Federal contaminated sites annual report 2011 to 2012

Table of contents

  1. Introduction
  2. Program Results (2011-2012)
  3. FCSAP Approvals and Expenditures
  4. Appendix A - Program Administration
  5. Appendix B - Federal Approach to Managing Contaminated Sites
  6. Appendix C - Data Tables
  7. Appendix D - Environmental Liability for Federal Contaminated Sites

PDF Version – 1.48 MB

Executive Summary

Established by the Government of Canada in 2005, the Federal Contaminated Sites Action Plan (FCSAP) is a 15-year, $4.2-billion program. Its primary objective is to reduce environmental and human-health risks and the related financial liabilities associated with federal contaminated sites.

In Phase I of FCSAP(2005–2011), the federal departments, agencies and consolidated Crown corporations that have roles as custodians of federal sites made significant progress in addressing contamination. FCSAP Phase II was approved in 2011–2012 to continue this work for five years, with a focus on the remediation of the highest-priority sites. A third phase is planned for 2016–2020. This report describes the progress made in 2011–2012, the first year of Phase II.

Nationally, federal departments involved in FCSAP reported total expenditures of $230 million in 2011–2012. This includes $15 million spent on assessments, $194 million spent on the remediation and risk-management of federal contaminated sites, and $21 million for program management activities. In this year, the program achieved several results:

  • Custodians conducted assessments at 849 sites to characterize environmental conditions; of the 141 sites that were fully assessed, 26% required remediation or risk-management, while 74% required no further action, as they pose no significant risk.
  • Custodians conducted remediation and risk-management activities at 408 sites; at 43 of these, they completed the remediation process, generating improvements in environmental quality and reduction of federal financial liability.
  • Approximately 1,085 jobs were created, with an estimated 5.2 direct jobs created for every million dollars spent on FCSAPprojects.

These results are reflected in the Federal Contaminated Sites Inventory (FCSI), which is maintained by the Treasury Board of Canada Secretariat. At the end of 2011–2012, the FCSI listed approximately 22,200 sites. A comparison of FCSI data in 2010–2011 and 2011–2012 shows that the number of sites suspected of contamination decreased by 29% during this period. There was also a 7% decrease in the number of active sites and a 37% increase in the number of closed sites, where no further action was required. Approximately 83% of expenditures reported to the FCSI in 2011–2012 were attributed to FCSAP, as not all contaminated federal sites are part of the program.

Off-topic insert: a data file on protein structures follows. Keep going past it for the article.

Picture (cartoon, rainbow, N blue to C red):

Contamination of federal sites may translate into liability for the Government of Canada, when appropriate accounting criteria are met. The total liability for the remediation of contaminated sites increased by $419 million to $4.773B during 2011–2012. Adjusted liability, an estimate of the liability for sites eligible for FCSAPfunding, increased by $472 million to $3.416 billion during 2011–2012. Total liability for FCSAP-eligible sites will likely decline in future years, as custodians add fewer new sites to the federal inventory and remediate more existing sites.

For questions or comments on this report, contact:

Compliance Promotion and Contaminated Sites Division
Environmental Protection Operations Directorate
Environment Canada
351 St. Joseph Boulevard, 17th Floor
Gatineau, QC K1A 0H3
Email: fcsap.pascf@ec.gc.ca

Abbreviations and Acronyms

Agriculture and Agri-Food Canada
Aboriginal Affairs and Northern Development Canada
Assistant Deputy Minister
Canadian Council of Ministers of the Environment
Correctional Service of Canada
Fisheries and Oceans Canada
Director General
Department of National Defence
Environment Canada
Environmental site assessment
Federal Contaminated Sites Action Plan
Federal Contaminated Sites Inventory
Health Canada
Highest step completed
Jacques Cartier and Champlain Bridges Incorporated
Lands and Economic Development
Northern Affairs Organization
National Capital Commission
National Classification System for Contaminated Sites
Natural Resources Canada
National Wildlife Area
Parks Canada Agency
Polychlorinated biphenyl
Public Works and Government Services Canada
Royal Canadian Mounted Police
Remediation / Risk-Management
Treasury Board of Canada Secretariat
Transport Canada
Volatile organic compound
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